The institutions behind these public and private initiatives share a basic disinterest in the concerns of the people they are ostensibly helping. As Omondi has it: “I am not poor. I have a resource I can exploit that will maybe make me rich, but now this resource is being taken away by a developer”. Neither he nor Adhiambo resent the aid schemes in and of themselves, but by Good Fortune‘s conclusion both have been forced to organize and protest the projects that threaten their stability. For both segments Van Soest has found passionate, articulate delegates against top-down, foreign-backed development. He is particularly good in teasing out the nuances of the situation in Kibera. There are interviews with two UN representatives, one of whom grew up in the neighborhood and lives in the same sort of housing as Adhiambo, who support the demolition as fervently as many of the locals oppose it. He takes a more direct tack in Yala. Playing on liberal prejudice against the free-market ventures Dominion represents, the company is seen as villainous and essentially uncaring. I share these prejudices, and Dominion indeed seems disingenuous in their claims. There may be no more to the story than that, but in comparison to the urban segments, the Yala section feels under-drawn. Cheap Good Fortune does not tell the whole story of development in Kenya. It is, by design, one piece of a much bigger puzzle. This largely a good thing. The film’s vividness is a result of its modesty. Instead of trying to summarize a history whose nuances are beyond his scope, Van Soest opts for metonymy. It is through this specificity that he avoids the more obvious traps that await a white Brooklynite telling an African story. Good Fortune online speaks neither the Conradian/Naipaulian register of hopeless African despair nor the anodyne, pitying tone that is its flipside. In other ways, however, Van Soest’s ambition outpaces the material. There is not quite enough here for a feature — the film’s middle section cross-cuts between reiterations of the same elementary conflicts. And towards its latter half, it veers into a halfhearted narration of Kibaki’s contested 2007 re-election, which, though certainly linked to the Good Fortune evecare buy ‘s central issues, is not detailed enough to merit inclusion.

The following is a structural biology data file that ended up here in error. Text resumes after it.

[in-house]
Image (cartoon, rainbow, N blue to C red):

Has this review been boring? It wasn’t a lot of fun to write. Good Fortune is a solid movie — engaging, deliberate, about something important — but I can’t imagine it producing much conversation. It will satisfy its built-in audience, and divert those who come across it on television, but it is unlikely to reverberate much in the wider world. During the documentary criticism panel that preceded it at UnionDocs this past weekend, Ed Halter concisely slotted documentary as “an amalgamation of art and journalism”. A good-but-unexciting film like Good Fortune Order illustrates how uneasy that amalgamation can be, and how weighted it is toward the art end of the formulation. The stalwart everyday reportage to which the film is akin is lucid, informative, and necessarily contingent and limited. But it places fewer demands on our attention, and occupies a humbler cultural space than a 75-minute film. Perhaps I am being too precious in my expectations, but this seems a fundamental existential predicament with which documentary must contend. It is troubling that Good Fortune, as good a piece of cinematic journalism as I have seen in a long time, does not even begin to address it.